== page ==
Statements by US Assistant Secretary of State Roberta Jacobson in a Senate hearing on Thursday upset opposition hardliners and sent leaders of opposition coalition Mesa de la Unidad Democratica (MUD) scrambling for cover. In her testimony before the Senate Committee on Foreign Affairs hearing on the Human Rights situation in Venezuela, Jacobson said the State Department did not support sanctions at this time since they might jeopardize the dialogues taking place in Venezuela.
When pressed on the issue Jacobson said some members of the opposition had requested the US government “not to work on sanctions [against the Venezuelan government] at this time.” Jacobson refused to name who in the opposition had made the request, but pressed by Senator Robert Menéndez, Jacobson reaffirmed: “we have been specifically asked not to ask for sanctions at this time.”
Senator Menéndez found the possibility that there were “civil society groups” in Venezuela that could argue against sanctions “incredible.”
Opposition radicals immediately took to social media to express their indignation that opposition leaders could have “betrayed” their struggle by asking the US not to impose sanctions. Accusations that the MUD was in bed with the Maduro government, was being financed by “boliburgueses,” or simply lacked the courage to fight the fight dominated Twitter for the next twenty-four hours.
The MUD quickly went into damage control mode. Secretary general, Ramón Guillermo Aveledo said “The MUD’s declarations are public and widely known. No MUD spokesperson has requested from any US official what has been reported by the media today. If any organization or individual from civil society has done it, it is under its or his own responsibility…”
The issue could hardly be more complicated for the opposition coalition. The protest movement began in February not only in opposition to the Maduro government but in defiance of the MUD which had traced a more moderate strategy. From the beginning one of their main slogans has been #SOSVenezuela and main goals has been to generate international attention to Venezuela.
This has been accompanied by a constant flow of politicians, activists and student leaders making the rounds in Washington seeking action in support of their cause. Venezuelan expatriats have gotten into the act as well. This past week a caravan called the “Trip for Freedom” drove from Miami to Washington DC to demand sanctions against the Maduro government.
But ironically, the most tangible result of the protest movement has been the participation of the MUD in dialogues with the government. These dialogues have been seen with skepticism by the students and radicalized sectors of the opposition, who have accused the MUD of grabbing the agenda and ceding too much too soon. Thus the possibility that somebody in the MUD suggested that the US not levy targeted sanctions squarely strikes an existing fault line within the broader opposition coalition.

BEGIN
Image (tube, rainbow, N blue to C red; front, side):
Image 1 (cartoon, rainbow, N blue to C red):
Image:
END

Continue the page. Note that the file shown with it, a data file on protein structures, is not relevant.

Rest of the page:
Later on Thursday, the State Department issued a statement, reposted on the MUD’s web page with a Spanish translation, clarifying Jacobson’s declarations to the Committee. The MUD also issued a press release claiming that “no one within the MUD has asked any North American Official what today the media has been claiming.” However the note also stated that “The Unidad [MUD] does not believe that citizens should pay for the failures and offenses of the Government, and suffer the added harmful consequences of the bad decision taken by the authorities on their lives. Therefore [the MUD] has been consistent with its rejection of measures that could harm the People, such as sanctions or embargoes to a whole nation.”
The next day, May 9, Guillermo Aveledo again insisted in a radio interview that no one in the MUD had asked US officials not to impose targeted sanctions, but that the MUD was firmly against any form of embargo.
Contrary to Senator’s Menédez disbelief, there are indeed important opposition figures critical of the idea of imposing even “targeted” sanctions. On Thursday newspaper editor and longtime government opponent Rafael Poleo wrote a series of tweets that were retweeted hundreds of times.
“US intervention would give Maduro nationalist solidarity, especially among the military. That is why Obama has doubts about applying them.”
“Sanctions position us poorly. They would make the Venezuelan case look like the US Cuba battle. They favor Maduro. That is why Obama does not apply them.”
“Sanctions would be on individuals, but the majority does not see that difference and Chavista propaganda would make them look like sanctions against Venezuela.”
“US sanctions would hurt PSUV bosses, but they would be used by Maduro to excuse the famine that’s coming.”
“It is counterproductive and helps the PSUV that the US’s hand appears in the Venezuelan case, which we Venezuelans are handling just fine.”
In a taste of what is to come, President Maduro has already responded strongly to the possibility of targeted sanctions with this warning: “The People of Bolívar will not be stopped by sanctions from any empire. The Fatherland of Bolívar is standing on its feet and will continue to stand during all of Twenty First century, as an independent, socialist, chavista, Bolivarian [country]. Long live the dignity of the people! Down with imperialism!”
Venezuelan Foreign Minister Elias Jaua also declared yesterday that “any sanction will be answered by the Government of the Bolivarian Republic of Venezuela,” and immediately added that “since the beginning, the Government [of Venezuela] has presented evidence of the active participation of officials of the Embassy of the United State (who) have prepared, financed, and trained the groups that have tried by violent means to drag Venezuela into a civil war and thus overthrow its constitutional and legitimate government.”